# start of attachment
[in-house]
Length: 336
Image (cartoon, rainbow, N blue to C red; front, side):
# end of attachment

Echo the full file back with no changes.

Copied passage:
[in-house]
Length: 336
Image (cartoon, rainbow, N blue to C red; front, side):